– Statistics have shown that India is moving towards consumerism. India has jumped and leap-frogged some technologies and adopted new ones at an amazing pace. The transition from CRT televisions to LCD and LED TVs happened in 3 years! India did not go through the Plasma TV generation at all and adopted the new technology instantly. Similarly, the cellular phone market has revolutionized the country. India has the cheapest rate for cell phone tariffs anywhere in the world. India did not experience a transition via the Pager market. This provides potential for GSM-based solutions such as payments, ordering and supply chain, mobile banking, credit and insurance… Banks are heavily investing in building the channels to offer such services to erstwhile-unserviced populations.

There are 45 million entrepreneurs in India, driven by optimism and energy

– India has a robust, transparent, and well-regulated financial system, which has shown its strength in weathering the global financial crisis. The banking sector shows top quality balance sheets, high levels of competition (there are around 80 banks in India) and strong corporate governance. However, a large portion of the Indian population remains un-banked and there is a lot of room for additional services (investment, insurance etc.) for the already banked population. This again creates scope for robust growth and partnerships with foreign players.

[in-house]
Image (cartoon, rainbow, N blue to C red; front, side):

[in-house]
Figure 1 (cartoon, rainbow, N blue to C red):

– There are 45 million entrepreneurs in India, driven by an exceptional optimism and energy. One can find an abundance of Indian executives with experience in international businesses, particularly in the USA.

How to Enter India

There are three main routes for Western Companies to grow in India:

1.Greenfield

2.Acquisition of an existing business in India

3.Joint ventures with an existing player in India.

There are both advantages and disadvantages in the three approaches. In this article however, we focus on acquisitions. Acquiring an Indian business has the advantage of giving the buyer a head start in the market. It also prevents the western player from enduring the pain of building a business from scratch (finding and buying land is just an example of what “the pain” involves).